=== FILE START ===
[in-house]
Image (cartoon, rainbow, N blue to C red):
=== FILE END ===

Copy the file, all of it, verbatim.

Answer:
[in-house]
Image (cartoon, rainbow, N blue to C red):